The profile portrait on this glass depicts Sophia Dorothea of Hanover, wife of Frederick William I and Queen in Prussia from 1713 to 1740. Sophia Dorothea (1687-1757), the daughter of George I and sister of King George II of Great Britain, married Crown Prince Frederick William of Prussia in 1706; when her husband ascended the throne in 1713 she became Queen consort in Prussia, giving birth to Frederick the Great in 1712. This glass was, by repute, given by Empress Elizabeth of Russia to Count Frederick Albert von Schwerin (1717-1789) as a gift in recognition of his diplomatic efforts. The goblet was reputedly delivered filled with diamonds, and these diamonds were subsequently set in jewellery commissioned by the family.
The court glass house at Potsdam was founded in 1674 and was active until 1734. In 1736 it was moved to nearby Zechlin where it remained under state control until 1890, producing fine glass for the royal household's table, characterised by fine cutting, engraving and high-quality gilding. Pokals (presentation goblets) were especially prized by members of the Prussian court, and were bestowed as royal or diplomatic gifts, and collected by the wealthy at home and abroad. It is highly probable that the present glass had been a diplomatic gift to the Empress of Russia, and that the Empress decided it would be an appropriate gift, with the addition of diamonds, to Count Schwerin.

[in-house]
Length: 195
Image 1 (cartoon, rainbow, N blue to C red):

A goblet and cover of closely related form is illustrated by Michael Kovacek et al., Glass of 5 Centuries, Exhibition catalogue, Vienna, 1990, p. 79, no. 50, and is now in the Toledo Museum of Art, Toledo, Ohio, museum no. 2004.44. Another, engraved and gilt with a portrait of Sophia Dorothea, is illustrated by Rudolf von Strasser and Walter Spiegl, Dekoriertes Glas, Munich, 1989, p. 280, no. 145, along with a companion glass engraved with Frederick William I, p. 280, no. 146. The latter was in the Dettmers Collection and sold at Sotheby's in London on 23 November 1999, lot 77; another example engraved with Queen Sophia Dorothea was sold in the same sale, lot 55.